RSV (Respiratory Syncytial Virus)

RSV (Respiratory Syncytial Virus)

RSV (respiratory syncytial virus) is a seasonal lung infection that is highly contagious. This is a common childhood disease that can also affect adults. Most of the cases are mild, with symptoms similar to a cold. Pneumonia and bronchiolitis can result from a severe infection. RSV is prevented from spreading by adopting good hygiene. Let's understand more about RSV!

What is a respiratory syncytial virus (RSV)?

The Respiratory Syncytial Virus (RSV) is a respiratory virus that triggers infections in the lungs and respiratory tract. Most children contract the RSV virus by the age of two, making it one of the most common illnesses among children. RSV can also spread to adults.

Most healthy children and adults who get RSV will have a mild case with ordinary cold symptoms, and the condition will usually clear up within a week. Premature newborns, babies under 6 months old, individuals over 65, and people with a weaker immune system, chronic lung disease, or congenital cardiac problems are more likely to get RSV. A severe RSV infection can cause pneumonia and bronchiolitis, both of which may need hospitalization, and RSV can significantly worsen pre-existing heart and lung problems.

Is RSV contagious?

Yes, RSV is highly contagious, and the infection spreads most easily during the first few days or weeks of symptoms. Some babies and individuals with low immune systems may continue to be contagious up to four weeks after the onset of their symptoms.

How does RSV spread?

Close contact with an infected individual spreads RSV. When an infected person coughs or sneezes, the virus enters the air and can enter the body through the eyes, nose, or mouth. One can develop RSV if they touch something where the virus has landed and then contact their face or lips.

What are the symptoms of RSV?

RSV symptoms might appear two to eight days after the virus enters the body. The following are the most common RSV symptoms:

RSV symptoms can affect individuals of all ages differently. The following are the symptoms that can affect both children and adults differently:

Symptoms of RSV in babies

Coughing and a runny nose are not common RSV symptoms in infants. RSV can cause the following symptoms in babies under the age of six months:

  • Decreased appetite
  • Fussiness or irritability
  • Changes in their breathing pattern
  • Minimal interest in activities

Babies under 6 months of age may need hospitalisation to monitor their breathing and oxygen levels if they contract RSV, especially if they have other chronic conditions.

Symptoms of RSV in adults and children

RSV symptoms are very mild in children over the age of six, or they may not develop at all. If a child or adult develops RSV symptoms, they are similar to those of a common cold and include:

  • Congestion
  • Runny nose
  • Sore throat
  • Mild headache
  • Fever
  • Cough
  • Fatigue

If you or your child is having problems in breathing, go to the emergency unit. Contact the healthcare provider if you have RSV symptoms and are over the age of 65, have a damaged immune system, or have a heart or lung disease. RSV can progress into a severe infection that requires medical attention.

What causes RSV?

RSV (respiratory syncytial virus) is a common infection that causes respiratory disease. The respiratory syncytial virus attacks the respiratory tract and enters the lungs through the nose and throat. The condition affects or destroys cells in the lower respiratory tract, triggering symptoms.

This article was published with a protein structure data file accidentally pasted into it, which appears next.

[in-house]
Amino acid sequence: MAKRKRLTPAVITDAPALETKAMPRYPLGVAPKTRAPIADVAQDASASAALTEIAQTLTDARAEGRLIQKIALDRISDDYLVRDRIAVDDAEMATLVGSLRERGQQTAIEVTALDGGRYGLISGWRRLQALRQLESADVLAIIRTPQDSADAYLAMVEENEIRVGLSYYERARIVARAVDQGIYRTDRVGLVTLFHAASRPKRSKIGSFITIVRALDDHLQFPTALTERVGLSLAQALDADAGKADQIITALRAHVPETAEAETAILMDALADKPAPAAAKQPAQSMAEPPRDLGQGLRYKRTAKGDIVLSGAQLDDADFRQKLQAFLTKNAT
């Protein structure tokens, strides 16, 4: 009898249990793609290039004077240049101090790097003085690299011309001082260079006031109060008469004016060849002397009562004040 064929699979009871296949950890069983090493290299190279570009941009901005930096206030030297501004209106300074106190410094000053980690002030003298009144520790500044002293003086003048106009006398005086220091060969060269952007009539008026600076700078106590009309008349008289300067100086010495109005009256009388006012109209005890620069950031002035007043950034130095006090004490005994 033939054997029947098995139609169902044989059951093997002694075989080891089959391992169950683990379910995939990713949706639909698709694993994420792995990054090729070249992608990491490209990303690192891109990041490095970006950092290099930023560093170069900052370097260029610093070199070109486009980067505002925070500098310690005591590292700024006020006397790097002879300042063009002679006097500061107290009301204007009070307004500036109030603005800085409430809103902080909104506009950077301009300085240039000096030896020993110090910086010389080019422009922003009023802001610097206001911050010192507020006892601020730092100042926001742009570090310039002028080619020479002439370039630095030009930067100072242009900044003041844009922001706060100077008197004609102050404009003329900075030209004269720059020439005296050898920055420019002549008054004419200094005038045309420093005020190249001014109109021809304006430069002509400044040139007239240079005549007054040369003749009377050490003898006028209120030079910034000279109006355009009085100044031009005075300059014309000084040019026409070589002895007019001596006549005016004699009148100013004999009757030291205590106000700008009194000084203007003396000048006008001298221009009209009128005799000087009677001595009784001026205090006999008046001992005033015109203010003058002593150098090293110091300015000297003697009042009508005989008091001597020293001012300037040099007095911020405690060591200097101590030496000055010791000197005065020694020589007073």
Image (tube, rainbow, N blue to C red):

Can RSV lead to severe illnesses?

RSV has the possibility of causing major medical issues that can be fatal if not treated. Among these conditions are:

  • Bronchiolitis
  • Pneumonia
  • Congestive heart failure
  • Worsening heart and lung conditions like asthma or chronic obstructive pulmonary disease (COPD)

Who is at risk for RSV?

Most children contract RSV before the age of two just by interacting with other children. Being in crowded places with infected people, or being exposed to other children or siblings who are infected, are additional common ways to obtain the virus.

Is there a cure for RSV?

RSV currently has no treatment, and researchers are continually learning about the virus and seeking ways to prevent infection or manage severe sickness.

How is RSV treated?

Mild RSV symptoms are similar to a regular cold and do not need medical treatment. At-home treatment for RSV includes the following:

  • Staying hydrated by drinking fluids and eating regularly, even if you have a low appetite.
  • Blowing the nose using a tissue to keep the airways open or gently suctioning excess mucus from the infant's nose.
  • Using OTC medications to treat a fever or pain. If the child has a fever, do not give aspirin. Consult with a health expert before taking any over-the-counter cold medications, especially ones you intend to give to a child, to ensure their safety.
  • Applying saline nasal drops to break up mucus in the nose.
  • Getting enough rest.
  • No smoking or vaping of tobacco products.
  • If the doctor recommends it, use a cool mist vaporizer to ease dry breathing passages.

Treatment for severe RSV

Severe RSV treatment may include:

  • Getting oxygen with the use of a mask, nasal prongs, or a breathing machine (ventilator).
  • Fluids are introduced into the body through an IV inserted into a vein in the arm.
  • To remove mucus from the lungs, a small tube is inserted into the airway.
  • Using antiviral medications to help the body fight the virus.

Only around 3% of RSV patients require hospitalisation, and the rest are discharged within a few days.


RSV can be a scary condition for new parents with young children. If the child shows any RSV symptoms, get in touch with a doctor immediately, especially if they are under the age of 6 months.

Make an appointment just in few minutes - Call Us Now